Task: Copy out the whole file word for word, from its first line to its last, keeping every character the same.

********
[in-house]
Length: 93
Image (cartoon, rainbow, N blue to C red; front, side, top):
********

[in-house]
Length: 93
Image (cartoon, rainbow, N blue to C red; front, side, top):